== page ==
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Discovery in the depths and a new species of crustacean. Contaminated from plastic
the ROME - There is a new animal species in the Mariana trench. Just discovered by researchers at the University of Newcastle is already susceptible to the pollution produced by man. And' the new species of tiny crustacean, the Eurythenes plasticus who, while living in the deep ocean, seems to have been contaminated from plastic. Some individuals of this anfipode (the Amphipods are small crustaceans characterized by the body is compressed laterally and is slightly arched), have ingested plastic by showing the presence of traces of PET (polyethylene terephthalate), a type of plastic used in a wide variety of products of wide use, from water bottles to clothing sports. The research, supported by Wwf, has been published today in the renowned scientific journal Zootaxa.

"The species newly discovered Eurythenes plasticus shows us how severe the effects of the poor management of plastic waste. Species that live in the deeper places and remote regions of the earth have already ingested plastic even before being known by humanity. The plastic is in the air that we breathe, the water we drink, and now also in animals that live far away from human civilization," said Isabella Pratesi , director, Conservation of Wwf Italy. the Alan Jamieson , chief researcher at the University of Newcastle, said: "We decided on the name Eurythenes plasticus because we wanted to underline the fact that we have to act immediately to stop the 'tsunami' of waste plastic that is poured out in our oceans".

the size of The use of plastics is now the subject of numerous researches by many scholars, who are demonstrating how we have addressed the wonderful biosphere (the sphere of life on Earth, thanks to which humanity lives) in the period termed the Anthropocene, to highlight the size of the dominant, pervasive and destructive of human activities on dynamic balances of the natural systems of our planet. Just last year an important research appeared in Nature Communications, demonstrated the adverse effects of plastic on marine communities of the bacterium Prochlorococcus, a fundamental micro-organism marino, which is at the base of at least 20% of the production of oxygen comes from marine bacteria: the evidence is that the nanoplastiche can influence the composition of the marine communities of these organisms and their photosynthetic capacity. "Not all individuals of the new species E. plasticus contain plastic. Then, there is still hope that many other examples are lacking. To help protect marine species and their natural habitats, we are also asking Italy to work for an international treaty legally binding to put an end to marine pollution of plastic," concludes Isabella Pratesi.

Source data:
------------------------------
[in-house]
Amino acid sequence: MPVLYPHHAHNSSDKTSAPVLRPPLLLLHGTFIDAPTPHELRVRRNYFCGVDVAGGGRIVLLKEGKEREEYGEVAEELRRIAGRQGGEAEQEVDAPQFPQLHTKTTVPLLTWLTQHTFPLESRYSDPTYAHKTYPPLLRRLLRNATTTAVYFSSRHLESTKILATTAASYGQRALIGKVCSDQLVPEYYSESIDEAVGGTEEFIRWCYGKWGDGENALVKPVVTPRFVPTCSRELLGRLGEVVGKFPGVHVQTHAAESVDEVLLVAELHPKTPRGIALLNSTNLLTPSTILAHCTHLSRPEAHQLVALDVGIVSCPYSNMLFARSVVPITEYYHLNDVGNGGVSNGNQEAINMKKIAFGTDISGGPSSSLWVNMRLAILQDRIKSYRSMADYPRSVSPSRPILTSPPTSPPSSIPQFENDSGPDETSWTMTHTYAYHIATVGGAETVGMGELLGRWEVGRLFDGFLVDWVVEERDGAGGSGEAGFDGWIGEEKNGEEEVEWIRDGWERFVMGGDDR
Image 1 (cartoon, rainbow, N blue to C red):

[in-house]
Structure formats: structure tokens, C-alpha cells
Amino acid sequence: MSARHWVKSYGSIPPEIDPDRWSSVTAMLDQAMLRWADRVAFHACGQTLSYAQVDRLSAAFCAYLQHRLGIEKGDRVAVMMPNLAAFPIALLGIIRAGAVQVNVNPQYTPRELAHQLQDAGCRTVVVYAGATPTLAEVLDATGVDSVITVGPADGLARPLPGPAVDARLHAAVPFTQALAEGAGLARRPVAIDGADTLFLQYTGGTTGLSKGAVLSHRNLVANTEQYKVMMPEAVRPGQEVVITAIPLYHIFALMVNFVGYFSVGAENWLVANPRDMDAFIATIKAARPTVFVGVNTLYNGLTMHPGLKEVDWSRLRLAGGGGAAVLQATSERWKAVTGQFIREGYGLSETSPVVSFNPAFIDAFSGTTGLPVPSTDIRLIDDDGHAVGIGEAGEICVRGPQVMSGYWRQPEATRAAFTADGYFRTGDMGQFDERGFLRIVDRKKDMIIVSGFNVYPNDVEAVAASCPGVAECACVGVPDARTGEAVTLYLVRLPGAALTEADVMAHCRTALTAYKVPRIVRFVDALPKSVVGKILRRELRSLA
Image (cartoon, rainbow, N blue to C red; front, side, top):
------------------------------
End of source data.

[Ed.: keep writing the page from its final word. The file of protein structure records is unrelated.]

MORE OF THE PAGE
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Carlo Verdelli SUBSCRIBERS TO REPUBLIC © Reproduction reserved Today on The torments of the Count: “But there rialzeremo as after the bridge Morandi”, Giuseppe Sala: “Milan is the trench that must withstand. By the government making the right choices,” The crisis in the airports: passengers on the decline up to 65% off the government to The trade unions: up to 4 billion for the shock absorbers and smes The freedom hostage
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